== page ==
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If the Renaissance was the Golden Age of English comedy, the Restoration was the Silver. These comedies are full of tricksters attempting to gain estates, the emblem and the reality of power in late feudal England. The tricksters appear in a number of guises, such as heroines landing their men, younger brothers seeking estates, or Cavaliers threatened with dispossession. The hybrid nature of these plays has long posed problems for critics, and few studies have attempted to deal with their diversity in a comprehensive way. Now one of the leading scholars of Restoration drama offers a cultural history of the period’s comedy that puts the plays in perspective and reveals the ideological function they performed in England during the latter half of the seventeenth century.
To explain this function, J. Douglas Canfield groups the plays into three categories: social comedy, which underwrites Stuart ideology; subversive comedy, which undercuts it; and comical satire, which challenges it as fundamentally immoral or amoral. Through play-by-play analysis, he demonstrates how most of the comedies support the ideology of the Stuart monarchs and the aristocracy, upholding what they regarded as their natural right to rule because of an innate superiority over all other classes. A significant minority of comedies, however, reveal cracks in class solidarity, portray witty heroines who inhabit the margins of society, or give voice to folk tricksters who embody a democratic force nearly capable of overwhelming class hierarchy. A smaller yet but still significant minority end in no resolution, no restoration, but, at their most radical, playfully portray Stuart ideology as empty rhetoric.
Tricksters and Estates is a truly comprehensive work, offering serious critical readings of many plays that have never before received close attention and fresh insights into more familiar works. By juxtaposing the comedies of such lesser-known playwrights as Orrery, Lacy, and Rawlins with those of more familiar figures like Behn, Wycherley, and Dryden, the author invites a greater appreciation than has previously been possible of the meaning and function of Restoration comedy. This intelligent and wide-ranging study promises is a standard work in its field.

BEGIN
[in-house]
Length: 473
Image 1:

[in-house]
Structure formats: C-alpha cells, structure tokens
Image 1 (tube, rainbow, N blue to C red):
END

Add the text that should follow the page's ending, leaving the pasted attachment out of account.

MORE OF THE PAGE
J. Douglas Canfield, Regents' Professor of English at the University of Arizona, is the author of Word as Bond in English Literature from the Middle Ages to the Restoration and coeditor of Cultural Readings of Restoration and Eighteenth-Century Theater.
"Canfield’s use of genre, admirably, never seems like pigeonholing. He shows that these plays perform different sorts of cultural work, and his study uses the work each play does to locate it generically."—1650-1850
"This ambitious book explores the relationship between Restoration comedy and concepts of power and cultural hegemony in late seventeenth-century England."—Albion
"A book which displays an incisive grasp of what is really at state in Restoration comic plots and which soundly seeks to overturn the negligence of much of what was popularly performed during the Stuart reign."—British Journal for Eighteenth-Century Studies
"By not relying on generic and formalist perspectives, Canfield enriches understanding of social, economic, political, and religious currents and countercurrents of cultural history and their presence in drama. A model of interdisciplinary interpretation."—Choice
"Canfield has produced an important and impressive book, both in depth and in coverage."—Kritikon Litterarum
"Sharpens the focus with which we view the official comedies."—Modern Philology
"An excellent survey of the comedy of the period and serves a useful role in reminding us to keep our eyes not only on the money but on who gets the land."—Seventeenth-Century News
A Choice Outstanding Academic Book
The University Press of Kentucky
Place of Publication
Restoration comedy, English comedy, Tricksters, Inheritance in literature
Literature in English, British Isles
Canfield, J. Douglas, "Tricksters and Estates: On the Ideology of Restoration Comedy" (1997). Literature in English, British Isles. 68.